When Hunter's capital ran out, which had financed the great tar manufacturing enterprise at the East Camp of the Palatines on the Hudson, its people looked upon the order to cease work as a release from a condition approaching slavery. They at once sent seven of their principal men to Schoharie "to visit the valley, examine its land, deal with the Indians and find the best route for the people to take thither." This Palatine embassy was received in the most friendly manner by the Schoharie Indians.

Brown's "Sketch of Schoharie County" [i.e., John M. Brown, Brief Sketch of the First Settlement of the County of Schoharie by the Germans] says that the first settler of the Schoharie Valley was a Canadian Indian named Karighondonte, who was married to a Mohawk squaw. Here he gathered a tribe, three hundred Indians from the Mohawks, Mohicans, Tuscaroras, and Delawares. The Schoharie Valley was part of the Mohawk domain and Karighondonte and his people were doubtless vassals of the Mohawk nation. The Schoharies lived on the Schoharie flats, which they later turned over to the Palatines. Simms describes these flats, saying that they "began on the Little Schoharie Creek, in the present town of Middleburgh, at the high water mark of the Schoharie River, and at an oak stump burned hollow — which stump is said to have served the Mohawk and Stockbridge Indians as a corn-mill — and ran down the river to the north, on both sides, a distance of ten miles, and contained about twenty thousand acres. By the side of the stump was erected a pile of stones, still standing after 1800. Upon the stump were cut the figures of a turtle and a snake, the sign of Karighondonte tribe, as a seal of the contract."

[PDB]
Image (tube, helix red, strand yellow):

The seven Palatines, headed by the elder Weiser, went to Albany and secured an Indian guide who led them over the Helderbergs and down the valley of Fox Creek to its junction with the Schoharie in one of the most beautiful and fertile parts of this picturesque valley. Cobb says:

"It is a deep valley, where the copious dews, from April to October, make a constant and luxurious verdure. The hills on either side, here sloping gently upward, and there standing in bold bulk of precipitous rock, seemed to promise bulwarks of defense and protection from further foes. The broad alluvial flats prophesied plenty on the farms that were to be, while the river, like a broad silver ribbon, wound its way among the level meadows, its full and quiet flood an image of contented peace." The Palatine delegates were most hospitably received by the Schoharies. When they asked for land that they might settle there, the Karighondontes readily granted their request, saying that "they had formerly given this land to Queen Anne for them."